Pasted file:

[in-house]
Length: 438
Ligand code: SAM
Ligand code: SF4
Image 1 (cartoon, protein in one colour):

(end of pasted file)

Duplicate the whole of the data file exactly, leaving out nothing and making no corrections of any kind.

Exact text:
[in-house]
Length: 438
Ligand code: SAM
Ligand code: SF4
Image 1 (cartoon, protein in one colour):